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January 26, 2009
France is usually thought of as a nation of newspaper readers, a country in which Le Figaro is the indispensable accompaniment to the morning croissant. So it’s with incredulity that most greet the fact that newspaper circulation is only half that of the UK.
Such is the parlous condition of the French press, that President Sarkozy has now pledged €600m in aid to top up the existing €1.5bn of state largesse. Amongst other things, the new funds will offer every 18-year old a year’s free subscription to a title of their choice and provide for an expansion of kiosks. The persistence of this dirigiste tradition has tamed Sarkozy’s original promise of a “rupture” with the past. Like his Gaullist predecessors, he has found the rhetorical appeal of such a doctrine too heady to resist. In times of recession some nations are swept by an atavistic desire to return to the soil, in France they long to return to the state.
In the UK the last recession claimed three papers; Rupert Murdoch’s Today, the News on Sunday and the Sunday Correspondent. As recent start-ups at the time they can’t be easily compared to current titles but the obstacles facing the industry today are without precedent.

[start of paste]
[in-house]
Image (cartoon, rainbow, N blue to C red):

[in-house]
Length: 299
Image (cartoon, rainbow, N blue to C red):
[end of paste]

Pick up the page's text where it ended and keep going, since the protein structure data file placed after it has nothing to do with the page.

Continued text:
A combination of rising production costs, the flight to the web and falling advertising revenue has left papers running to stand still. Besides the tabloid Daily Star and the Sunday People, the Independent titles are terribly vulnerable having haemorrhaged readers after a price hike to £1. For those who can fall back on paternalistic owners such as Murdoch, non-profit trusts (the Guardian) or billionaire sugar daddies, hazards remain.
Much of the most valuable work, such as foreign reportage and investigative journalism, is also the most expensive and something parasitic bloggers cannot hope to emulate. Investigative journalism by definition requires time, resources and patience; one can’t find a scoop without first investing all of these. It also requires support from proprietors willing to cough up defence fees for libel suits, too often the last refuge of the powerful. The risk is that newspapers, straining to keep up with the internet and rolling news channels, will lack the time and the will to perform adequately in either of these areas. As is now well known, comment is free but facts are expensive.
It’s in this regard that quality newspapers should be seen as an essential component of a healthy public realm. The young readers who will determine the future of newspapers have grown up viewing the internet and freesheets not as additions to papers but as replacements. UK newspapers should explore Sarkozy’s latest intervention with more than mere curiosity.